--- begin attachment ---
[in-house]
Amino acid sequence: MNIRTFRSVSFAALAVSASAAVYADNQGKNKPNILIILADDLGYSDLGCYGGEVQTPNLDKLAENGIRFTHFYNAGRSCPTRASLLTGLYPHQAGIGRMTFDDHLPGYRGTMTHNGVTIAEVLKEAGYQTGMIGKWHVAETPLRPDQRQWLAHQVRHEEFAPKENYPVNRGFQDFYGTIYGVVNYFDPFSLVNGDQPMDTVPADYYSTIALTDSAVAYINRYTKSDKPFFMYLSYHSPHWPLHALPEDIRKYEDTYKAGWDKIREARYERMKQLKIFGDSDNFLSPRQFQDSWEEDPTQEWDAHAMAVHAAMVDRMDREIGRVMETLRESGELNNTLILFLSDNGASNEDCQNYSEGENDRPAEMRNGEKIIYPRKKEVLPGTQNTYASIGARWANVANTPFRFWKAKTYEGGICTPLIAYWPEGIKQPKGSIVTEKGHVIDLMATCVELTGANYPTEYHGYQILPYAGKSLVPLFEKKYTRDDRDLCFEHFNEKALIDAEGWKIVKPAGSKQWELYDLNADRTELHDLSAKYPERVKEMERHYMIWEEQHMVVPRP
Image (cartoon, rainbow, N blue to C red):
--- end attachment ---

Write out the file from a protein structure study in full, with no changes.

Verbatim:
[in-house]
Amino acid sequence: MNIRTFRSVSFAALAVSASAAVYADNQGKNKPNILIILADDLGYSDLGCYGGEVQTPNLDKLAENGIRFTHFYNAGRSCPTRASLLTGLYPHQAGIGRMTFDDHLPGYRGTMTHNGVTIAEVLKEAGYQTGMIGKWHVAETPLRPDQRQWLAHQVRHEEFAPKENYPVNRGFQDFYGTIYGVVNYFDPFSLVNGDQPMDTVPADYYSTIALTDSAVAYINRYTKSDKPFFMYLSYHSPHWPLHALPEDIRKYEDTYKAGWDKIREARYERMKQLKIFGDSDNFLSPRQFQDSWEEDPTQEWDAHAMAVHAAMVDRMDREIGRVMETLRESGELNNTLILFLSDNGASNEDCQNYSEGENDRPAEMRNGEKIIYPRKKEVLPGTQNTYASIGARWANVANTPFRFWKAKTYEGGICTPLIAYWPEGIKQPKGSIVTEKGHVIDLMATCVELTGANYPTEYHGYQILPYAGKSLVPLFEKKYTRDDRDLCFEHFNEKALIDAEGWKIVKPAGSKQWELYDLNADRTELHDLSAKYPERVKEMERHYMIWEEQHMVVPRP
Image (cartoon, rainbow, N blue to C red):